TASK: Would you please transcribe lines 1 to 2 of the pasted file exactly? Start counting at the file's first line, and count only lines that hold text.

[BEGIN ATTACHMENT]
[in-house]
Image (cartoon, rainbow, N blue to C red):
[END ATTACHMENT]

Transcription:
[in-house]
Image (cartoon, rainbow, N blue to C red):